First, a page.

I come from the small island of Tasmania. Not to be confused with Tanzania, and no it’s not part of New Zealand. It’s that teeny tiny island underneath mainland Australia. Strangely, many people actually think it’s a different country to Australia, where actually it is a state of Australia.
Every now and then I am shocked at the view that mainlanders (people that live on mainland Australia) have of us Taswegians down south. It’s normal that states have jokes about other states, like people joking that Tasmanians are all inbred and have two heads – that’s all a bit of fun. But I was horrified to be asked while studying at University in Queensland, by other educated Australians, if we had power and internet in Tasmania (my first degree was Computer Science at the University of Tasmania – needless to say, in order to get that degree both power and internet are a requirement). They were also curious to know if we had sealed roads and how often we had to stop for kangaroos to cross – seriously people??? Along with these naive conceptions of our little state, I was shocked that my Tasmanian student card was not accepted in some other states “I’m sorry, we accept every state OTHER than Tasmania”.
Our isolation and independence can be viewed as a blessing, Tasmanian life is slower paced, quiet, relaxing and for the most part we are left to our own devices. As a bit of a joke we say that if you go to the beach and there are any people there, it’s crowded. Often times you can go find a beach all to yourself without too much hassle, as an island, we have plenty of beaches to choose from!
So there’s quite a few things I love about my home state. It’s nice and quiet. It is absolutely, without a doubt STUNNING! We have such amazing nature and wildlife untamed and in abundance it’s hard to believe it’s real. The air and water in our fine state have been reported as being the cleanest/purest in the world. With the size of our state and its variation in environment, within 30 minutes of driving I can be in the city surrounded by people, at the beach, up a mountain or in the bush as the only human for kilometres around.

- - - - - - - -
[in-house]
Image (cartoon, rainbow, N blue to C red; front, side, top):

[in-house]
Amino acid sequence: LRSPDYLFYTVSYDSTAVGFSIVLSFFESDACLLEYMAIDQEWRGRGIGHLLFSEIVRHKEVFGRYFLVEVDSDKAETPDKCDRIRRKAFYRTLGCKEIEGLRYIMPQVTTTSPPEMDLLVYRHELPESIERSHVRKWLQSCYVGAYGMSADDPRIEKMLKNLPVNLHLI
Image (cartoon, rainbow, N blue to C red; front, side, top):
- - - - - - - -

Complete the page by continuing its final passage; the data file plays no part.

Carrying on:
With our exposure to nature, we are also quite exposed to the weather. In discussions about the Tassie weather we will often reference the Crowded House song Four Seasons in One Day, because the song title describes our climate perfectly (It was actually written about Melbourne which has a similar, but ever so slightly milder climate than Tassie). Any time spent outdoors generally requires you to be prepared for anything, sunshine, bushfires, rain, wind or snow – sometimes all in the same day. I returned home for Christmas 2015 and in my first two days back home I spent time ankle deep in the snow and then got sunburned at the beach. Despite the common notion that Australian summers are scorching hot, it might surprise you to learn that Tasmania’s average summer temperature is just 24 celsius. As a person who struggles with the cold and sits shivering when it’s 30 degrees in the shade, I find Tassie much too cold.
The size and isolation of our state does result in numerous downsides. Everything costs more money because of the additional shipping required to get it to our island. It’s ridiculously costly, and often challenging, to get anywhere outside of the state and as a result one of two things tend to happen 1) people never leave or 2) people leave, get as far away as possible and stay away for long periods of time (often indefinitely). Because so few people leave, the gene pool can start to seem limited, everyone knows everyone and you can often come across people who are quite narrow-minded. In terms of work and study, we don’t have the economic climate to support a large range of options, which forces a number of people to move out of the state. Also because we are so small, isolated and an island we get fewer fun things coming our way, such as concerts, theatre performances and sports matches. For these you would typically travel to Melbourne or Sydney. I even fly to Melbourne to do my clothes shopping!!
I believe Tasmania is an excellent place to live as a child, it is an equally excellent place to raise a family, but for those not falling into either of those categories it can be a crappy place to live that just happens to be beautiful.
Me, where do I stand? I don’t feel like I fit in or belong in Tassie, so I travel as often, as long and as far as I can; to be inspired by the people I meet, the cultures and the experiences I engage in. Perhaps one day I will find the place I am meant to live. For the moment that place is not Tasmania, I will just stop by and visit from time to time.